The author, Diane Zahler, spins a beautiful fairytale with golden threads of magic, adventure, and romance all intertwined. A True Princess is based on H.C. Andersen’s The Princess and the Pea, but contains traces of other folktales and ancient Norse myths also. Lilia arrives in a basket floating down a millstream, just like the hero in The Devil with the Three Golden Hairs by the Brothers Grimm. The babies in both stories are rescued and adopted by families. Lilia is very different from the children in her adopted family. She is not good at performing even the simplest tasks of cooking or cleaning. She has trouble staying awake to do her chores because she never gets enough sleep on her hard, lumpy farm bed. When she overhears her foster parents planning to get rid of her, Lilia decides to take charge of her own life. Something urges her to follow the river to the North Kingdom, where she might have come from. As Lilia journeys northward, she is joined by her brother and sister and the loyal family dog. Thus begins their adventure together through the magic Bitra Forest, the realm of the elf-king, who captures them. How Lilia outwits the elf-king and bravely rescues all the children from his evil spell is a marvelous story. A True Princess is a fairytale filled with adventure, betrayal, and heroic deeds, as a young girl with a brave and loving heart finds her way home. Review by Trudy Walsh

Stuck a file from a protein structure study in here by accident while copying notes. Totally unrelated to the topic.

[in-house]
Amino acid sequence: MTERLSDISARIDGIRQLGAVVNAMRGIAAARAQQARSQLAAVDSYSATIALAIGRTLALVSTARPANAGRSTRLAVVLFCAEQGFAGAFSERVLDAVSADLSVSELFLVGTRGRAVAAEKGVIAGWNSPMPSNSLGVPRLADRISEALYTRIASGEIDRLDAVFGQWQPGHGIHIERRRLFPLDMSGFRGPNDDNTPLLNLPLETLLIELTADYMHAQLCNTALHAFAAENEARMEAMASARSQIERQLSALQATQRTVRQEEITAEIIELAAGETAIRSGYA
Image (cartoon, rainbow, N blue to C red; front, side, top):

Wednesday, May 04, 2011
Akash lives in India. When his father dies, the family gives him away to work off their debt at the landlord’s quarry. Life at the quarry is very hard, and the only way Akash survives it is by holding on to his dream: to one day go to a wonderful school in New Delhi. Since Akash had been a very good student with a gift for math, he plans his escape from the quarry very carefully. With twelve-year-old Akash we travel through India as he makes his way toward New Delhi. When he finally arrives, the crowded city overwhelms him. Will he survive life on the streets among thieves and drug dealers? With tenacity, Akash clings to his dream and prays to Saraswati, the goddess of wisdom and knowledge. In the end, Akash realizes that he has to take charge of his own life and not wait for a god or goddess to rescue and reward him. Saraswati’s Way is a powerful novel set in modern India. Monika Schroder describes beautifully what Akash experiences. The author also tells us, through the enthusiastic voice of young Akash, what reading a book can do for you: “It’s like going to different places without leaving where you are.” Review by Trudy Walsh